By Ken Reed
Anyone who watched League of Denial, the Peabody Award winning PBS documentary about the NFL’s grossly unethical approach to player brain injuries, will not be shocked to learn the details of a new lawsuit brought by former players against the league. The suit, which seeks class action status, alleges that the NFL recklessly and illegally provided painkilling drugs to players, “substituting players’ health for profit.”
The plaintiffs, including Richard Dent, Jim McMahon, and Keith Van Horne of the 1985 Chicago Bears claim NFL team doctors handed players pills in unmarked envelopes, prescribed harmful drug cocktails without any education, and gave permission for coaches to send players back on the field risking short-and-long-term harm.
The lawsuit claims that the actions of NFL doctors was consistently the antithesis of the duties of sports medicine physicians, per the American Medical Association’s guidelines:
… physicians should assist athletes to make informed decisions about their participation in amateur and professional contact sports which entail the risks of bodily injury. The professional responsibility of the physician who serves in a medical capacity at an athletic contest or sporting event is to protect the health and safety of the contestants. The desire of spectators, promoters of the event, or even the injured athlete that he or she not be removed from the contest should not be controlling. The physician’s judgment should be governed only by medical considerations …
This new lawsuit certainly didn’t come out of the blue. There have been multiple studies in recent years detailing narcotic abuse in the NFL. In one report, journalist Paul Solotaroff of Men’s Journal wrote, the NFL is “so swamped by narcotics that it closes its eyes to medical malpractice by many of its doctors and trainers. It does so not because it lacks the will to police its staff and players, but because the game itself could not survive without these powerful drugs.”
The cornerstone of the problem is a classic case of conflict-of-interest, in which doctors pay NFL teams for the right to treat players. In essence, NFL owners have team doctors right where they want them. As such, team doctors’ decisions are governed by ego and financial considerations, not medical considerations.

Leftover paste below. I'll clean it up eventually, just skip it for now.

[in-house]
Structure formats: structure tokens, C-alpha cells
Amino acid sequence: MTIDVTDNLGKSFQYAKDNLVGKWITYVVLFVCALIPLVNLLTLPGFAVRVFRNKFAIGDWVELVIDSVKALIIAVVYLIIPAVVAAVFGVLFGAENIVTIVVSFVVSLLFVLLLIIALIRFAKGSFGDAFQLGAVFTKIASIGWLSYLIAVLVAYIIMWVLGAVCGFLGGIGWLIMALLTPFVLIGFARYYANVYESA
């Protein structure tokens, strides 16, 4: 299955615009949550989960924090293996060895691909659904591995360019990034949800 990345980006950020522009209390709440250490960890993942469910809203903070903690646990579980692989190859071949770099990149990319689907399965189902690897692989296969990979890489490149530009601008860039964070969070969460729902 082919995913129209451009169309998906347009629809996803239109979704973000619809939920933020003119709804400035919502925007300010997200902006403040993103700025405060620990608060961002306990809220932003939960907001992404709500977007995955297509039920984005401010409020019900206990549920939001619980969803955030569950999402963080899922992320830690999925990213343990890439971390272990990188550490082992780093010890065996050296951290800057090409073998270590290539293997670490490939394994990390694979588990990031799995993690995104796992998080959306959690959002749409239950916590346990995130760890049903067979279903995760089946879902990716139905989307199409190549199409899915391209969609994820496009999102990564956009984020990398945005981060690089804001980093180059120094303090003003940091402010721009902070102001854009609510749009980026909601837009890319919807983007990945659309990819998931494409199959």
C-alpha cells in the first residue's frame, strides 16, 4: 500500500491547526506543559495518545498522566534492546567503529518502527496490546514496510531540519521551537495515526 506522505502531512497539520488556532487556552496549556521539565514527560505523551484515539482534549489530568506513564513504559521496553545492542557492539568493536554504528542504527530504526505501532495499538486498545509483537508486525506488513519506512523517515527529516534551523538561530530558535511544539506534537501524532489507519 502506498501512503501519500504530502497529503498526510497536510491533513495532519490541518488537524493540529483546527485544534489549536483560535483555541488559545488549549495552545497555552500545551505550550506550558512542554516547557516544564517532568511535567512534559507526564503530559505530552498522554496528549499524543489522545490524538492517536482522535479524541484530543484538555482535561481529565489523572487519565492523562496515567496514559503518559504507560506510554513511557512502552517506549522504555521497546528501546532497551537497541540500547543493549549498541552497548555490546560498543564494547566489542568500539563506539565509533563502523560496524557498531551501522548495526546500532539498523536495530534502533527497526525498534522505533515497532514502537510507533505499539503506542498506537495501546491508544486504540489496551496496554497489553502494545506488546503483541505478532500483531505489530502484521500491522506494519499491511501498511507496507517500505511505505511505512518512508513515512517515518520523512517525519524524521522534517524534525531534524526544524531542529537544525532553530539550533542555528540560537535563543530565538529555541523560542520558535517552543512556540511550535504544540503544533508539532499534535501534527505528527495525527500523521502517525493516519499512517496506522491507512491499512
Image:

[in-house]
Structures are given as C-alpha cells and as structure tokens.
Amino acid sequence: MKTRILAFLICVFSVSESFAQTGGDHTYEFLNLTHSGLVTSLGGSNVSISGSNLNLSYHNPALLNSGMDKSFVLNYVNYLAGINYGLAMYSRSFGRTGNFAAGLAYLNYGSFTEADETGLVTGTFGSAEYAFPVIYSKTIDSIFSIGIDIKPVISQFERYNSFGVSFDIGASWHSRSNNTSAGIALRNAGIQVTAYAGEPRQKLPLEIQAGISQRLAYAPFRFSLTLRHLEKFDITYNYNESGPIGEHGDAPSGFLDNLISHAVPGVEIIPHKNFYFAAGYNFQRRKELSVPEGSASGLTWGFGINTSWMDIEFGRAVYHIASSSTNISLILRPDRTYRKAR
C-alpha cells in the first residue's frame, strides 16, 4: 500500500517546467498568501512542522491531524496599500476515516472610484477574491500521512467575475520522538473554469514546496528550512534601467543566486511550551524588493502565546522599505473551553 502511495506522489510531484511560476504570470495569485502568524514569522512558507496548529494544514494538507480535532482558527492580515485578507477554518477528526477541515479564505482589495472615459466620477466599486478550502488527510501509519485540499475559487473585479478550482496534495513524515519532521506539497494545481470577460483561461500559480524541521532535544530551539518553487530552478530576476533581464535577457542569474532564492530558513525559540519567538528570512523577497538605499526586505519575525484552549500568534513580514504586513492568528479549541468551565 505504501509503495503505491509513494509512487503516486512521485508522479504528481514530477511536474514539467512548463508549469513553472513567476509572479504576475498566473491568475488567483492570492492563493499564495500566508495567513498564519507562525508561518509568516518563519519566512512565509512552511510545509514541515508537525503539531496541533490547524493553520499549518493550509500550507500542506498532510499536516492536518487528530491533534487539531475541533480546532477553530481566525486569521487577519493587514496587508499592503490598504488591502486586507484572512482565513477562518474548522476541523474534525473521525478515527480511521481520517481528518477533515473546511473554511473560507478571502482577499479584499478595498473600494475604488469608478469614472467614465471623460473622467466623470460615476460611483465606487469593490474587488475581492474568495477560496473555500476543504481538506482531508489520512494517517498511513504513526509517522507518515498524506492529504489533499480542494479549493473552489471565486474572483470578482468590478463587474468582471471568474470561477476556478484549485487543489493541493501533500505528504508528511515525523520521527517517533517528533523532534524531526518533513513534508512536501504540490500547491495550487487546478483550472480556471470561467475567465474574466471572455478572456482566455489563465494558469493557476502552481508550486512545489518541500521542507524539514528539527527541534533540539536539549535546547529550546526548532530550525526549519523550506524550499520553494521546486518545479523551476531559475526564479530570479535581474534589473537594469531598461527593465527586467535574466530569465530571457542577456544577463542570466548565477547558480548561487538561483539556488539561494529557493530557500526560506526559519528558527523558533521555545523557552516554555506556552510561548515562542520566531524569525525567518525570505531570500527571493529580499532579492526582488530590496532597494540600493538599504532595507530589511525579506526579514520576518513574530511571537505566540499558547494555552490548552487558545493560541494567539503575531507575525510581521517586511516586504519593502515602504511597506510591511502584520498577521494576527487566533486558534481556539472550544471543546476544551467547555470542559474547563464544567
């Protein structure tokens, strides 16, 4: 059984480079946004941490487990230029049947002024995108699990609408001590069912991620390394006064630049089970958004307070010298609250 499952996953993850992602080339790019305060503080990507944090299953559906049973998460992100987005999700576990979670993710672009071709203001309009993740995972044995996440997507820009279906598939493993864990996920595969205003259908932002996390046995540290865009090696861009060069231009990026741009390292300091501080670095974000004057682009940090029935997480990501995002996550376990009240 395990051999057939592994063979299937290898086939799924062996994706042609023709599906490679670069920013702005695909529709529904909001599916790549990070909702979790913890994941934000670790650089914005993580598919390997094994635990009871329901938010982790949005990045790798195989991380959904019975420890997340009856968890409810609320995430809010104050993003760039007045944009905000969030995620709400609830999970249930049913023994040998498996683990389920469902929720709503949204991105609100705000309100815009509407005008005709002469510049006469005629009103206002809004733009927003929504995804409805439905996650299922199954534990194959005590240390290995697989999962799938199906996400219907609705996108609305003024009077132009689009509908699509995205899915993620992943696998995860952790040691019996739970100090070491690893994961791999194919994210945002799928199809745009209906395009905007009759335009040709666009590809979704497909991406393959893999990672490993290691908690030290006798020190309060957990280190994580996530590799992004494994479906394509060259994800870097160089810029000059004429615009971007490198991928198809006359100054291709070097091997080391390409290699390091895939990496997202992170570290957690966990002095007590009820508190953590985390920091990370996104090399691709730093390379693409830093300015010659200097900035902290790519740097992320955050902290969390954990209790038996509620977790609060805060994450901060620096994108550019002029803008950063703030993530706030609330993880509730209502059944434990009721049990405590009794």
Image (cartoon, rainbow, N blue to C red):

The NFL, an ugly league, just keeps getting uglier.
— Ken Reed, Sports Policy Director, League of Fans
Sports Forum Podcast
Episode #13 – League of Fans’ Sports Forum podcast: A Conversation With Long-Time MLB Exec Dan Evans About What’s Right With Baseball and What Could Be Better – Evans is a former general manager for the Los Angeles Dodgers and is currently a consultant for Go the Distance Baseball, which owns the Field of Dreams movie site. We discuss his experience at the MLB game at Field of Dreams; his thoughts on the appeal of the Field of Dreams, and baseball in general.
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Episode #12 – League of Fans’ Sports Forum podcast: A Fun Chat With Dan Gutman, Author of the Baseball Card Adventure Series for Kids
Episode #11 – League of Fans’ Sports Forum podcast: The Latest on Brain Trauma, Concussions and CTE with Dr. Chris Nowinski – Nowinski is CEO of the Concussion Legacy Foundation.
Episode #10 – League of Fans’ Sports Forum podcast: An Issues Discussion With Paul Dolan – Dolan is the Cleveland Indians Owner and CEO.
Episode #9 – League of Fans’ Sports Forum podcast: Talking Sports Issues With Ralph Nader – Nader is a consumer advocate and was named one of the “100 Most Influential Americans of the 20th Century” by Time magazine. He is the founder of League of Fans.
Episode #8 – League of Fans’ Sports Forum podcast: How Can We Save College Sports From Overcommercialization and Professionalization? – The guest is Dr. David Ridpath, a sports business professor and past president of the Drake Group
Media"How We Can Save Sports" author Ken Reed appears on Fox & Friends to explain how there's "too much adult in youth sports."
Ken Reed appears on Mornings with Gail from KFKA Radio in Colorado to discuss bad parenting in youth athletics.
“Should College Athletes Be Paid?” Ken Reed on The Morning Show from Wisconsin Public Radio
Ken Reed appears on KGNU Community Radio in Colorado (at 02:30) to discuss equality in sports and Title IX.
Ken Reed appears on the Ralph Nader Radio Hour (at 38:35) to discuss his book The Sports Reformers: Working to Make the World of Sports a Better Place, and to talk about some current sports issues.
Sports & Torts – Ken Reed, Sports Policy Director, League of Fans – at the American Museum of Tort Law
League of Fans is a sports reform project founded by Ralph Nader to fight for the higher principles of justice, fair play, equal opportunity and civil rights in sports; and to encourage safety and civic responsibility in sports industry and culture.
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